Recommendations for patients with rare lysosomal storage diseases during the coronavirus pandemic
People who have certain lysosomal storage disorders must fully comply with and follow the measures recommended by the health authorities to avoid contracting the SARS-Cov-2 virus, since it could cause additional complications.
What complications can COVID-19 cause?
Those who suffer from mucopolysaccharidosis, a lysosomal storage disorder, usually present skeletal abnormalities that restrict and affect their pulmonary and cardiac capacity (especially that related to the valves). Therefore, these patients have an increased risk of having respiratory complications, along with patients with Pompe disease (whose respiratory musculature is affected), due to an eventual COVID-19 infection. In addition, patients who have Fabry disease and who present advanced renal or heart damage have more risk for cardiovascular complications.
By contrast, until proven otherwise, patients with Gaucher disease type 1 who are stable and being treated, and people with Fabry disease who carry non-classic variants of the GLA gene and show no evidence of kidney or heart disease have a risk of severe complications similar to that of the general population, even though it is true that the latter may have less tolerance for fever and their pain may be worse.
What should patients with lysosomal storage disorders do during the pandemic?
- Check to make sure that the medications or supplements you have at home have not passed their expiry date.
- Keep a paper copy of the emergency guidelines, to show health professionals if needed.
- Have the contact information for your expert monitoring team handy. Stored in your mobile phone, for example.
- Have a thermometer at home.
What about patients who are being treated with enzyme replacement therapy?
During these months of the pandemic, patients who receive enzyme replacement therapy and other specific treatments can continue to do so, but they must follow some specific guidelines. Administering the treatments in the hospital during the pandemic may entail difficulties related to the patient’s mobility and also to the risk of infection.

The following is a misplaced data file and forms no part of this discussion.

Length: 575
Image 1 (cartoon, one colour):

These guidelines should be followed in conjunction with the treatment plan, as long as the patient is stable and 6 months have elapsed since they began treatment, and the doctor managing it approves:
- Patients with MPS I in the chronic phase, and types II, IV, VI, and VII: administration of the habitual dose or a double dose, every two weeks, depending on the patient’s health status and the physician’s opinion.
- Patients with Gaucher disease / Fabry disease: monthly administration of the habitual dose or a double dose, depending on the patient’s health status and the physician’s opinion.
- Patients with Pompe disease / Wolman disease (lysosomal acid lipase deficiency): given the huge variability in the severity of the underlying illness, the risk of infection must be evaluated individually before increasing the interval for administering the medication.
In cases where it is decided to double the enzymatic treatment dosage, the preparation and infusion time, along with the increased possibility of infusion reactions, must be taken into consideration.
All of the measures necessary to avoid infection during the treatment administration process at the hospital must be followed. In addition, if they are required, performing the regular tests to control the clinical and biochemical markers should be adapted to the new guidelines.
These modifications to the treatment guidelines constitute an exceptional and temporary measure that will be revised in 2 or 3 months, depending on how the current health crisis evolves. In light of the current situation with the pandemic, the possibility of home treatment can be considered, when conditions allow for it. Patients with these illnesses must keep in mind that they have the possibility of consulting the Rare Diseases Unit by telephone to clear up any doubts or questions they may have.
Recommendations for patients with Gaucher disease
Patients who are being treated for Gaucher disease with Cerdelga should keep in mind that among the treatments being used for COVID-19, one is a combination of antiviral medications like Lopinavir, Ritonavir, and also Hydroxychloroquine. These can interact with the drug Cerdelga and cause an irregular heartbeat. That is why the combination of these two pharmaceuticals must be avoided.
For those with Gaucher disease who have COVID-19 and are habitually treated with Cerdelga, if treatment with one of these antiviral medications and hydroxychloroquine is prescribed, their doctor or pharmacist must be informed, and the Rare Diseases Unit should be contacted (Tel case management nurse: +34 677 07 25 06) to consider the possibility of changing the dose of Cerdelga or of temporarily discontinuing the drug.